Salmon Without Rivers: A History Of The Pacific Salmon Crisis

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Island Press, Mar 1, 2001 - History - 317 pages
2 Reviews
"Fundamentally, the salmon's decline has been the consequence of a vision based on flawed assumptions and unchallenged myths.... We assumed we could control the biological productivity of salmon and 'improve' upon natural processes that we didn't even try to understand. We assumed we could have salmon without rivers." --from the introduction From a mountain top where an eagle carries a salmon carcass to feed its young to the distant oceanic waters of the California current and the Alaskan Gyre, salmon have penetrated the Northwest to an extent unmatched by any other animal. Since the turn of the twentieth century, the natural productivity of salmon in Oregon, Washington, California, and Idaho has declined by eighty percent. The decline of Pacific salmon to the brink of extinction is a clear sign of serious problems in the region.In Salmon Without Rivers, fisheries biologist Jim Lichatowich offers an eye-opening look at the roots and evolution of the salmon crisis in the Pacific Northwest. He describes the multitude of factors over the past century and a half that have led to the salmon's decline, and examines in depth the abject failure of restoration efforts that have focused almost exclusively on hatcheries to return salmon stocks to healthy levels without addressing the underlying causes of the decline. The book: describes the evolutionary history of the salmon along with the geologic history of the Pacific Northwest over the past 40 million years considers the indigenous cultures of the region, and the emergence of salmon-based economies that survived for thousands of years examines the rapid transformation of the region following the arrival of Europeans presents the history of efforts to protect and restore the salmon offers a critical assessment of why restoration efforts have failed Throughout, Lichatowich argues that the dominant worldview of our society -- a worldview that denies connections between humans and the natural world -- has created the conflict and controversy that characterize the recent history of salmon; unless that worldview is challenged and changed, there is little hope for recovery. Salmon Without Rivers exposes the myths that have guided recent human-salmon interactions. It clearly explains the difficult choices facing the citizens of the region, and provides unique insight into one of the most tragic chapters in our nation's environmental history.
 

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Salmon Without Rivers: A History of the Pacific Salmon Crisis

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Lichatowich is a well-known fisheries biologist who has contributed extensively to the literature on salmonid populations during his 25-year career. His book offers a biologist's view of the salmon ... Read full review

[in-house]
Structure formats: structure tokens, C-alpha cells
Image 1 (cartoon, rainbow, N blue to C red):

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If you are interested in the history of Pacific salmon, then this book is great. It's written by a scientist, but it reads well. It's not a comprehensive review, but rather a historical perspective of what salmon runs used to be like and some of the factors that have lead to their decline. He usually throws in a little narrative at the beginning of chapters to help you visualize the upcoming topic.
This book is important because it points out that a river we see as "natural" today with a "healthy" salmon run was likely altered by damming of rivers, logging, and mining at some point in its past. Without talking to your great grandfather, you would never know that the stream used to be sinuous, channelized, and full of clear water year round. The runs of salmon stretched from the spring until the fall and 10 fold more fish returned each year. Old trees lined the banks in some areas and 10 mother grizzlies taught their young to fish in the riffles each year. Allowing our current perception define what is natural is dangerous if we are ever to understand why salmon are declining.
If you want a more biological perspective, read Pacific Salmon Life Histories by Groot and Margolis. There is an online copy if you want to look it over.
Happy reading!
 

Contents

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Page 298 - LA. 1953. The effects of regulatory selectivity on the productivity of Fraser River sockeye.

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About the author (2001)

Jim Lichatowich has been a fisheries scientist for twenty-nine years, working for most of that time in salmon management and research in Oregon and Washington. He is a member of three independent teams of scientists investigating the salmon crisis, and has written numerous scientific and technical papers on the history, current status, and future prospects of salmon. His essays have appeared in a variety of publications including Trout magazine, Peninsula magazine, Riverkeeper, and Shirkin Comment.

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